Monday, 22 September 2008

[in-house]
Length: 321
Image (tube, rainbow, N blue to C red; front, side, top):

Social interaction and traffic: essential evidence This is the new essential graphic detailing the impact of traffic on social relations. Nearly forty years ago Appleyard's Livable streets research was published, including the now famous illustration of the impact implied of light, medium and heavy traffic on social interaction. Working in San Francisco, Appleyard found that on 'light' street (2,000 vehicles a day) inhabitants had three times as many local friends and twice as many acquaintances as those on 'heavy' street (16,000 vehicles a day). Quite often in recent years I've referred to his material in presentations and provocatively suggested that we don't really need research like this because we all know it, it's obvious. All we need is the graphic. No-one ever mentions that the research was methodologically scimpy (only 12 residents in each block were interviewed) and there are nuances (eg to do with the location of corner-shops and the age of residents on the different streets) that tend to be overlooked. But hey, basically we know it, and all we really needed was the illustration. Not true of course, because there's a difference between something being self-evidently true, and people taking any notice of it. So we should all be thankful that Josh Hart came over from San Francisco to Bristol to replicate and develop similar work. Judging from some of the coverage today (Guardian, BBC, Daily Mail even) it looks like the message is immaculately timed and could have the impact it deserves. Hart's study looked at three streets in north Bristol with light, medium and heavy traffic. He found that motor traffic has a 'considerable negative impact on quality of life, particularly for residents living beside heavy motor traffic flows'. Hart selected streets measured at 140, 8420, and 21,130 vehicles per day. He considered vegetation, parking, reported crashes, noise levels, pavement width, building setback and various other factors; and he interviewed ten households on either side of each street. And guess what, traffic makes a huge difference. We all knew it, now we can point to it and quote from it. The report is full of detail that sparks insight, like this graphic for instance, showing the variation in social connections by street. Nice job Josh. What we need next: two or three replications of this study, plus a couple of before-and-after social network analyses of home zones. As I've said before, it's a disgrace that we're not evaluating home zones properly. And it will be revealing to see if this material is referred to during the main political party conferences in the next couple of weeks. You can get hold of Hart's full report, Driven to excess, via the news page at the University of West of England.

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